In How to Choose a College Major, I describe why I think it’s a mistake to choose a major based on the job market.

8. Make the IRS your BFF. Most of my blog traffic comes from the United States (even though I live and work in Vancouver, Canada!). So, here’s what the IRS says about cutting college costs and paying tuition: “Going to college can be a stressful time for students and parents. The IRS offers these tips about education tax benefits that can help offset some college costs and maybe relieve some of that stress.

  • The American Opportunity Tax Credit can be up to $2,500 per eligible student. It’s available for the first four years of college, university, or other post secondary education. Forty percent of the credit is refundable. That means that you may be able to receive up to $1,000 of the credit as a refund, even if you don’t owe any taxes. Qualified expenses include tuition and fees, course related books, supplies and equipment. A recent law extended the AOTC through the end of Dec. 2017.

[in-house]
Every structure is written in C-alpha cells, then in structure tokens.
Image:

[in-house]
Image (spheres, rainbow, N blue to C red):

• The Lifetime Learning Credit allows you to claim up to $2,000 for qualified education expenses on your federal tax return. There is no limit on the number of years you can claim this credit for an eligible student.

If you’re a college student in Canada who wants to cut college costs by learning the tax credits and benefits offered by the Canadian government, please let me know below! I’m happy to research it for you.